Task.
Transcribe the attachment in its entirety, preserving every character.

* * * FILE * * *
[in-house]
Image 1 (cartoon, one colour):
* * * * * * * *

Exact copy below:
[in-house]
Image 1 (cartoon, one colour):